What is Particulate Matter?
Particle pollution, also called particulate matter or PM, consists of solid and liquid particles made up of ash, metals, soot, diesel exhaust, and chemicals. We divide particles into two major groups based on size.
PM10: The coarse particles are between 2.5 and 10 micrometers (from about 25 to 100 times thinner than a human hair). These particles are called PM10 (we say "P M ten", which stands for Particulate Matter up to 10 micrometers in size). These particles cause less severe health effects mostly in the upper respiratory tract. These consist of smoke, dirt and dust from factories, farming and roads as well as mold, spores and pollen. They are made from crushing and grinding rocks and soil then blown by wind.
PM2.5. The small particles are smaller than 2.5 micrometers (more than 100 times thinner than a human hair). These particles are called PM2.5 (we say "P M two point five", as in Particulate Matter up to 2.5 micrometers in size). These consist of toxic organic compounds and heavy metals. They are made from automobile exhaust, burning garbage and landfill, smelting and processing of metals.
Both PM2.5 and PM10 are measured in micro grams/cubic meter.
Which of PM2.5 and PM10 is more harmful?
The smaller particles or PM2.5 are lighter and go deeper into the lungs and cause greater damage longer term. They also stay in the air longer and travel farther. PM10 (big) particles can stay in the air for minutes or hours while PM2.5 (small) particles can stay in the air for days or weeks. And travel? PM10 particles can travel as little as a hundred yards or as much as 30 miles. PM2.5 particles go even farther; many hundreds of miles.
As a result, even though we measure both PM2.5 and PM10, we lay much greater stress on PM2.5 which is the more harmful among the two.
If my monitor says that PM2.5 is 100. What does that mean for my health?
The Indian Government has come up with a definition of health impact for various levels of PM2.5, PM10 and other pollutants such as NO2, CO, SO2 etc. based on significant available health research, as well as what is relevant to Indian conditions in the form of Air Quality Index.
An Air Quality Index or AQI is an overall scheme that transforms values of individual pollutants such as PM2.5, PM10, SO2, CO etc. into a single number or set of numbers that can then be used to communicate the current levels of air quality and their corresponding health impact consistently across the entire country. The Indian AQI system classifies pollution levels into Good(0-50) to Severe(401-500) categories with health impact varying from minimal to severe.
The break points of different pollutants for example (0-30) is Good for PM2.5, (31-60) is Satisfactory have been defined based on the effect of of these pollutants on health. These breakpoints are then mapped to the corresponding AQI ranges of (0-50) for Good and (51-100) for Satisfactory. So a PM2.5(ug/m3) level of 31 will be represented by PM2.5 AQI of 51 which corresponds to Satisfactory.
It is important to note whether PM2.5 or PM10 data on online websites is represented as AQI or ug/m3. If the PM2.5 value is 100, then if it is represented as AQI then it will fall in the 'Satisfactory' category but if it is represented as ug/m3 then it will fall under the 'Poor' category.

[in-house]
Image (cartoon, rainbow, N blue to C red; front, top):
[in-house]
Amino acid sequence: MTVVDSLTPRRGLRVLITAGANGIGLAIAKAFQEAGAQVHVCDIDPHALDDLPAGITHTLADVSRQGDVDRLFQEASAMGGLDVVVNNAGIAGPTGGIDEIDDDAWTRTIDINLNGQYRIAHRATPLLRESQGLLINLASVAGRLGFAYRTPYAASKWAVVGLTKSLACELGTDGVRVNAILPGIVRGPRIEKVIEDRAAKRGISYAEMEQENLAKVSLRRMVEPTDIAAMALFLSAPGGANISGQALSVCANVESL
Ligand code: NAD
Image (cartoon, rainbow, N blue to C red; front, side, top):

The table below provides the Indian AQI categories and ranges corresponding to different values of PM2.5 and PM10 and their resulting health impact for your easy reference. Note this will differ if you look at US AQI or Chinese AQI.
Why did Airveda choose to measure Particulate Matter only?
The Government of India has included several pollutants when defining their Air quality index. These include CO, Ozone, So2, No2, NH3, Pb, PM2.5 and PM10. The current monitoring stations implemented by the government are measuring all these components.
However by inspecting the air pollution data in Indian cities, it is clear that the pollutants that are most responsible for the poor air quality index in India right now are PM2.5 and PM10 with all other pollutants within good or satisfactory ranges. For example, on the left is a screnshot of air quality data measured at the IGI Airport on Dec 10th 2015 which clearly shows that the PM10 and PM2.5 are the primary causes of poor air quality in Delhi while other gases like No2, CO and O3 are within 'Good' AQI ranges. You can see live data from these stations at SAFAR-India.
"Section 3.5: Interpretation of Air quality using IND-AQI: an example" in report AQI Report by CPCB(Central Pollution Control Board) shares the same conclusion based on data in various cities in India.
In addition there has been significant research around the effects of PM2.5 and PM10 world-wide which has connected high levels of exposure to these pollutants with significant health problems, including: premature mortality, chronic respiratory disease, emergency visits and hospital admissions, aggravated asthma, acute respiratory symptoms, and decrease in lung function. As a result almost all countries have stringent regulations around maintaining safe levels of PM2.5 and PM10.
Hence, it made sense for us to focus on building a monitor that helps you manage the PM2.5 and PM10 levels in the air you breathe rather than focus on all other pollutants which would increase the cost of the monitor, and make it more complex to understand.